FAQ

When it comes to the complex area of Estate Planning, I am sure you have many questions, but here are some answers to the questions I get asked most frequently:

Anytime. The main thing is that you have a will, because we do not know what might happen to us from one day to the next.

Be aware that if you get married you will need to update your will as soon as possible as marriage voids any existing will. That said, you should not delay in making a will if you are planning to marry. If you have children you should most certainly put something in place if you are planning a long engagement, and then update it with the new name and details afterwards.

I recommend that in almost all cases you should write a new will. The main reasons for this is that:-

1) there is a risk in the codicil contradicting too much the main will, leaving it open to misinterpretation, and

2) if the codicil was lost or removed, the amendments would be lost. If you are wanting to make an update to an exiting will that Middle Path Estate Planning has arranged for you, the update is not expensive.

That is entirely up to you. If you are local – within an hour’s drive I will happily come to visit you in your home to take your will instructions.
Or perhaps you would prefer a video-link call, which is just as effective (if the wifi is good enough) and will make you feel safer.

You will die intestate and your estate will be divided up as follows:

If you have a spouse or civil partner they will receive:

  • All your personal property and belongings, and
  • The first £270,000 of your estate, and
  • Half of your remaining estate if you had children, and the whole of the remaining estate if you did not.


If you have children, each child would receive an equal share of the half of the estate that is in excess of £270,000.

Also, if you have minor children and you have failed to appoint a guardian for them, and both you and the children’s other parent die, the Family Court will typically have to appoint a guardian and this may not have been the person you would have chosen yourself.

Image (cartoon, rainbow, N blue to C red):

If you are under 70, I recommend you review your will (and LPAs) every five years. If you are over 70, you should do this every two years. Outside of the general rules you should review your will after every life event – births, deaths, marriages, house move, divorces, diagnosis of a terminal illness, or retirement.

If minor children inherit (i.e. under 18) a trust is automatically created by the will. The assets will be held for the children by your trustees until they reach 18. Should you wish to delay this further you would need to add a trust to the will. Delaying inheritance by using trusts can have important tax implications – advice should be taken.

You can think of a trust as being like a treasure chest which your Will drops your assets into. The people who have the key to the treasure chest are your trustees. Inside the treasure chest is a list of people who can benefit from your assets (even if is just your spouse or partner). Because the beneficiaries don’t actually own the assets in the trust, they cannot usually lose them.

You can ringfence your assets so that they can be used by your spouse, but they are protected for the next generation and passed on after your spouse’s death. This mitigates the risk of “Second Marriage Syndrome”, which is where the assets are lost to the spouse’s new partner’s family, either through deliberate disinheritance or by the laws of intestacy.

This arrangement can also prevent the use of your assets to fund your spouse’s care fees, meaning that local authority funding may be available to them, rather than the total depletion of the estate, which would leave nothing for your children. There are several other reasons for trusts, please feel free to discuss with me.

The first £325,000 of an estate in the UK is free of inheritance tax, after that the estate is subject to IHT at 40%. This is known as the Nil Rate Band (NRB). But whatever you leave directly to your spouse or civil partner (unmarried partners are not included), is inherited tax free and the NRB can be transferred to the spouse or civil partner to be used on their death, meaning the second spouse or partner to die has access to £650,000 NRB.

There are some important rules about how the NRB is applied, which will be raised with you if relevant to your circumstances.

Under current tax legislation there is a further NRB that can be used in addition to the first NRB if an estate includes a residence (a property that was owned and used by the deceased during their lifetime). This is £175,000. Again, it can be transferred to the surviving spouse on first death. It can only be used if a property is inherited by a direct lineal descendant (natural, adopted, stepchildren and grandchildren). Again the rules are complex and should be discussed if relevant.

Yes. Unmarried couples are at a huge disadvantage when it comes to IHT as they do not qualify for the Transferable NRB or RNRB. This means that on the second death the surviving partner is only entitled to their own NRB of £325,000. It is possible to use a trust to qualify your partner for the transfer of your partner’s NRBs, but it does require professional advice and planning.